Hog futures rose to the highest close in a month on Wednesday, as traders shrugged off concerns about oversupply.
Meatpackers are slaughtering record numbers of hogs, while producers have also increased herd sizes to an all-time high for this time of year. But traders are betting that strong demand for pork, both domestically and in the export market, will help absorb that extra meat supply and prevent a glut.
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Prices across the hog market have recently started to trend higher as a result. Meatpackers have increased bids for slaughter-ready hogs for eight consecutive trading days. On Tuesday, packers paid an average of $55 per 100 pounds, up over $1.50 from a day earlier, and were expected to bid more on Wednesday too.
Wholesale pork prices were also higher, rising above $74 per 100 pounds at midday Wednesday.
That has helped spark a series of rallies in the futures market, with hog contracts up over 10% from a low two weeks ago. October lean hog futures at the Chicago Mercantile Exchange rose 1.8% to 61.25 cents a pound, the highest close since Sept. 11.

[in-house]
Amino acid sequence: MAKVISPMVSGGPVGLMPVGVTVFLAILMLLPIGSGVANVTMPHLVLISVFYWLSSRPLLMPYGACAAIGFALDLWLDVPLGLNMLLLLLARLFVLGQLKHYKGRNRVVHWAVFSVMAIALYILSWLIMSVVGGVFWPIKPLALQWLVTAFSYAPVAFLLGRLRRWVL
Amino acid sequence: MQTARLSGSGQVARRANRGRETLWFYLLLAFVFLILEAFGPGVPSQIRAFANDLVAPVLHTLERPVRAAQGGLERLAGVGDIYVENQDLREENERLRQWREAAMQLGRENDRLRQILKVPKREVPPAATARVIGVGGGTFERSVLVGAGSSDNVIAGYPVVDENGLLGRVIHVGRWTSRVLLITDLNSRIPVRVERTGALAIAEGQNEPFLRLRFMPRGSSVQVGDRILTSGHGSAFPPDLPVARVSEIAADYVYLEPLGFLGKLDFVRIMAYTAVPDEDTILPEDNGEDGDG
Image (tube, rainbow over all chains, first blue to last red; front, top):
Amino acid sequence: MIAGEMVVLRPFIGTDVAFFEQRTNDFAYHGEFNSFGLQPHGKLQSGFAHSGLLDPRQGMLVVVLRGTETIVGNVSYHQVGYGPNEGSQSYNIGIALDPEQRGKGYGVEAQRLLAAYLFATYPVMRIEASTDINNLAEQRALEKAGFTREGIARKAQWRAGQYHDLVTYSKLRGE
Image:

Cattle futures were mixed Wednesday. The market rallied Tuesday in part on rumors of cash trade that proved to be unfounded, analysts said, prompting a slowdown on Wednesday. CME October live cattle futures rose 0.1% to $1.13775 a pound, while contracts for latter months fell.
Feedyards didn't sell any cattle at the online Fed Cattle Exchange auction Wednesday morning, passing up bids from meatpackers of between $110 and $110.75 per 100 pounds live. Those would have been steady to above last week's highs.
"That suggests that we could see this week's negotiated market come in at even higher values," said Arlan Suderman, chief commodities economist at INTL FCStone Inc.
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(END) Dow Jones Newswires
October 11, 2017 15:45 ET (19:45 GMT)